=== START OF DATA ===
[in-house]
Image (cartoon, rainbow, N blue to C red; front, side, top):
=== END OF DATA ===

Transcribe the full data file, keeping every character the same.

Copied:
[in-house]
Image (cartoon, rainbow, N blue to C red; front, side, top):